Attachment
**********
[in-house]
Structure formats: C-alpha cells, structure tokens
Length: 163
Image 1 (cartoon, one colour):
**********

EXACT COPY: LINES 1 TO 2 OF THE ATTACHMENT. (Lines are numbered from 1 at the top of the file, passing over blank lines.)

[in-house]
Structure formats: C-alpha cells, structure tokens